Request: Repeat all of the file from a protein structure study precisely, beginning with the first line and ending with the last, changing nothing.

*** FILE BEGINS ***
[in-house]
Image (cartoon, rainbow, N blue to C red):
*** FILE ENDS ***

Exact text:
[in-house]
Image (cartoon, rainbow, N blue to C red):